Summary of the Thidrekssaga

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Gunther and Brunhild

227

Then they rode away from the feast, king Dietrich, king Gunther, Hagen and Sigfrid with all their men, and they traveled long and didn't stop before they reached Brunhild's castle.

Brunhild received king Dietrich and king Gunther well, but Sigfrid not so much, since she already knew he had a wife, and the first time they met he had sworn not to take another woman than her, and she not another man than himSee 168 for their earlier meeting, but no oaths were sworn by anyone..

Now Sigfrid went to Brunhild and told her why they had come, and that she should marry king Gunther. She replied: I heard how badly you kept your word, that we had promised ourselves to each other, and even though I can pick whichever man in the world I'd like, I still want you for my husband.

Sigfrid replied: What had been decided beforefate? has happened now, but because you are the most wonderful woman I know, and we cannot do as we intended, I have brought king Gunther to you, since he is a mighty hero and a powerful king, and I think the two of you are well matched. And I took his sister instead of you because you have no brothers, but he and I have sworn brotherhood.

Then Brunhild replied: I see now that I cannot have you, so I will take your and king Dietrich's counsel in this. Now king Dietrich and king Gunther joined this conversation, and they did not part before king Gunther and Brunhild decided to marry.

228

Now a great marriage feast was held, and king Gunther married Brunhild. And on the first night, when king Gunther and Brunhild went to bed, no third manmaĆ°r; I assume the saga means 'person' should be in their house, but outside two men would take guardIt is unclear why this detail matters.

And when the two newlyweds were together, king Gunther wanted to make love to Brunhild, but she didn't want that at all, and she took both their belts and tied him hand and foot and hung him on a nail in the wall. And there he hung until daylight, when she released him so that he could go and drink. Neither he nor she spoke of this to anyone.

And the next night the same happened, and the third night as well. And king Gunther became unhappy and did not know what to do. Then it occurred to him that Sigfrid and he had sworn brotherhood, and that he was also wise, so he had a talk with Sigfrid alone and told him what had happened.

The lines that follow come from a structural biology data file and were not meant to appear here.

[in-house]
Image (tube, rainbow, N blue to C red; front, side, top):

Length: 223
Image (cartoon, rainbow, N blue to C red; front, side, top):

Sigfrid replied: I'll tell you why this happens. As long as she keeps her virginity hardly any man can be found who has power over her, but once her virginity is taken she is not stronger than other women.

Then king Gunther said: Because of our blood relation and friendship I trust no man but you to keep silent about this, and I also know you're strong enough to take her virginity; but I trust that if we do this it will never become common knowledge. And Sigfrid said he'd do as Gunther asked, so that was decided.

229

When evening came and Gunther would go to bed, Sigfrid went instead, and Gunther went away in Sigfrid's clothes. And all thought that Gunther was in bed. But Sigfrid had thrown clothes on his head, and pretended he was very tired, and he lay there until everyone had fallen asleep or gone away. Then he went to Brunhild and took her virginity. And in the morning he took from her hand a finger ringand not one of the more common arm rings, and put another one in its place.

And now a hundred men came out to meet him, and king Gunther was the first, who went to the bed and Sigfrid came to him, and they swapped their clothes again, and nobody knew what had happened.

230

When the wedding had gone on for seven days and nights, they made ready to ride home. Now Gunther put a chieftain over the castle, but he rode home to Niflungenland with his wife Brunhild. And when he came home he sat quietly in his realm and ruled it in peace, and with him his brother in law Sigfrid and his brothers Hagen and Gernot. But king Dietrich and all his man rode home to Bern, and they parted as good friends.

Status: summary of 4 chapters complete.

Other parts

  1. Samson (1-13)
  2. Hildebrand and Heime (14-20)
  3. Wieland the Smith (57-79)
  4. Witig (80-95)
  5. Journey to Osning (96-107)
  6. Witig and Heime (108-110,134-137,146-151)
  7. Detlef the Dane (111-129)
  8. Amelung, Wildeber, and Herbrand (130-133)
  9. Wildeber and Isung (138-145)
  10. Sigmund and Sisibe (152-161)
  11. Sigfrid's youth (162-168)
  12. Origins of the Niflungen (169-170)
  13. Dietrich's feast (171-191)
  14. The road to Bertangaland (192-199)
  15. The tournament (200-222)
  16. Dietrich's fellowship falls apart (223-226,240)
  17. Gunther and Brunhild (227-230)
  18. Walther and Hildegund (241-244)
  19. Ake and Iron (269-275)
  20. Dietrich's flight (276-290)
  21. The Wilkinen wars (291-315)
  22. The battle of Gransport (316-341)
  23. Sigfrid's death (342-348)
  24. Hertnit and Isung (349-355)
  25. Grimhild's revenge (356-394)
  26. Dietrich's return (395-415)
  27. Attila's death (423-428)
  28. Heime's death (429-437)
  29. Dietrich's death (438-441)